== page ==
The author of the latter, Sen. Loren Legarda, notes that a number of government offices already feature Baybayin in their logos. The National Museum’s logo, for example, is the symbol for “Pa,” the first syllable of pamana, which stands for the country’s heritage, while the logo for the Cultural Center of the Philippines, based on a Katipunan design and derived from the symbol for “Ka,” represents Katotohanan, Kagandahan, at Kabutihan. It’s no surprise that the Baybayin featured on the National Library’s logo would spell out an actual word: Ka-Du-Nu-Nga-N(a), or knowledge.

A few government agencies have seals that include Baybayin, as well. The previous logo of the Komisyon sa Wikang Filipino features the symbols for “Ka,” “Wa,” and “Pa” to represent its initials. The logo for the National Historical Commission of the Philippines, on the other hand, includes “Ka” and “Pi,” which stand for Kasaysayan ng Pilipinas. The National Commission for Culture and the Arts seal, made to look like fire to represent the Flame of Imagination, features a stylized “Ka” symbol that stands for kadakilaan.

Baybayin Logos - 2.jpg From left: The logo for the Cultural Center of the Philippines, based on a Katipunan design and derived from the symbol for “Ka,” represents Katotohanan, Kagandahan at Kabutihan; the National Commission for Culture and the Arts seal features a stylized “Ka” symbol that stands for kadakilaan; the National Museum’s logo is the symbol for “Pa,” the first syllable of pamana.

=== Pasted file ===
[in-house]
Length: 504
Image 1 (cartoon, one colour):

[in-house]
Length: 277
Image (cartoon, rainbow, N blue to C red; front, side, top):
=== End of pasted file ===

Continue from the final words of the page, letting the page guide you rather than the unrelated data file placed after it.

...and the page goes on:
Finally, the logo for the Records Management and Archives Office of the National Archive features the Calatagan pot — the oldest Philippine cultural artifact to depict pre-Hispanic writing — prominently, and on it you can see the characters for “Da,” “Ki,” “Na,” “Ngu,” “Da,” and “Ka.”

It’s worth mentioning that all offices and agencies mentioned have good reason to include Baybayin in their logos, because of their ties to culture, history, tradition, literature, language, and artifacts. Thus, the use of Baybayin is not only warranted, it is also reverential and meaningful.

While it is  important to keep Baybayin alive and recognize it as an integral part of our culture, we must consider the practical reasons that would allow or prevent it to become as widely used as it once was, such as the existence of several types of Baybayin across Luzon and Visayas. We need to give it the respect, effort, and time it deserves before attempting to reintroduce it into the Philippine vernacular. Within the right context and a proper venue, Baybayin can be a powerful representation of our being Filipino.

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A previous version of this article depicted the new logo of the Komisyon sa Wikang Filipino, which does not have Baybayin characters. It is the old logo which featured Baybayin characters. The images have been changed accordingly, along with a minor change to the text. CNN Philippines Life apologizes for this error.